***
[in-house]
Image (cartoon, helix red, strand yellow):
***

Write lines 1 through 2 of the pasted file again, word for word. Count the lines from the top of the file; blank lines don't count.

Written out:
[in-house]
Image (cartoon, helix red, strand yellow):